A former Secretary of State has defended the Government's £1 billion deal with the DUP, claiming the money "will help both sides of the divide".
Theresa Villiare, who served as Northern Ireland Secretary between 2012 and 2016, also claimed it was wrong to characterise the DUP as "extreme".
Theresa May is reliant on the support of the DUP's 10 MPs after losing the Tories' Commons majority in a disastrous general election.
Ms Villiers insisted the two parties, who have agreed a 'confidence and supply' arrangement, would find common ground despite key differences.
Writing in the Sunday Express, she said: "Neither same-sex marriage nor abortion feature in the deal agreed by Downing Street and they are free-vote matters in Westminster.
"It is wrong to characterise the DUP as extreme because of their Christian beliefs. For example, German Chancellor Angela Merkel, leader of the Christian Democratic Union Party, recently voted against same-sex marriage yet no one would describe her as extreme."
Ms Villiers claimed the £1bn deal was simply the "latest in a line of such financial arrangements" from both Labour and Conservative administrations that recognised Northern Ireland "faces unique difficulties".
She said the arrangement with Arlene Foster's party would not prevent the Government from being even-handed in its efforts to restore power-sharing at Stormont.
"The Conservatives are committed to the Good Friday Agreement and its successors, and to governing in the interests of the whole community in Northern Ireland," she added.
Her comments came after a senior Cabinet figure denied the £1bn deal amounted to a "bung".
Environment Secretary Michael Gove insisted the money did not amount to a "partisan deal".
Tory backbencher Heidi Allen, who has already expressed "distaste" at the Conservatives using public money "to garner political control", warned that her party had become "too inward-looking" and had "forgotten the purpose".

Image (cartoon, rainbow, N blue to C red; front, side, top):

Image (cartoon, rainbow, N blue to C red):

But Mr Gove insisted a deal was needed to ensure a "secure and stable" Government and highlighted Northern Ireland's unique problems, dealing with the Troubles and needing investment in mental health and infrastructure.
Told the confidence and supply deal was a bung on BBC One's Andrew Marr Show, he said: "I think that's unfair to the people of Northern Ireland and I think it's also unfair to the way in which, during this negotiation, decisions were taken in the interests of everyone in the United Kingdom.
"Bung is, the implication is... it implies this money is somehow going to the DUP on their own as if it were a partisan deal. It's not. It's about strengthening the whole United Kingdom by helping people in one of its most vulnerable areas."
The Tories have now scrapped manifesto pledges to end the triple-lock pensions and to means-test the winter fuel allowance for pensioners, proposals the DUP was opposed to. "It's absolutely right that we should, after a general election in which we didn't secure a majority, that we should have an opportunity to review how we help the most vulnerable in our society," Mr Gove said.